• Total Reading Time: 1 hour: January 5, 2015: REVIEW OF JOURNAL ARTICLE: FORMATIVE ASSESSMENT MADE EASY by Kyena Cornelius
Kyena Cornelius discussed ways in which an inclusive special education instructor, along with the general education instructor, can quickly and easily use formative assessment within the classroom. Three different and easily used charts are provided for teachers’ use during lessons. It was suggested that the charts be placed on a clipboard and notes written during classroom instruction. The first chart is an Anecdotal Seating Chart. During instruction, the teacher can make notes about behavior, attention to the task, successes with the classroom tasks, and difficulties with the classroom tasks. The second chart is a Daily Scorecard. On it are columns for student names, drill, homework, class practice, physical demeanor, exit ticket (score on classwork), and other. The third chart is an Objectives Grid which has columns for the student names, an objective from their IEP, date, opportunity, occurrence, and the percentage of success.

• Total Reading Time: 1 hour and Total Internet Research Time: .5 hour: January 7, 2015: MULTIDIMENSIONAL ASSESSMENT: GUIDING RESPONSE TO INTERVENTION IN MATHEMATICS by Koellner, K., Colsman, M., and Risley, R. (2014) from TEACHING Exceptional Children, 47 (2): 103 – 111.
The authors of this article proposed that neither a simple curriculum-based measure of student progress nor results of a standardized test are adequate. Both lack the ability to give an appropriate guide for intervention and remediation of a student’s weaknesses in the area of mathematics. A case study of a student named Danny was explained extensively in this article. The examiner worked one-on-one with Danny through a process to assess, through interview format, whether he was having difficulty with the place value concept, with combining amounts, with the understanding of the mathematical vocabulary, or was it some other issue.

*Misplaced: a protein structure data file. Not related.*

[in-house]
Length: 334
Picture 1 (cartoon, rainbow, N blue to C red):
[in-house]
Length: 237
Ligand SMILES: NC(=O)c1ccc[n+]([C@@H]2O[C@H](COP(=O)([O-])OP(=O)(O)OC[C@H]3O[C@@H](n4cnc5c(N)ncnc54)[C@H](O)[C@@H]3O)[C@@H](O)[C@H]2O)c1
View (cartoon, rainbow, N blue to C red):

The authors mentioned the use of “Add + Vantage Math Recovery (AVMR; 2006), a professional development and assessment program from the US Math Recovery Council.” After reading the article, I did a search on the internet for the math recovery assessment program listed above. It appears that it is a system that is to be used by teachers, interventionists, etc. Apparently, the method is taught through a course.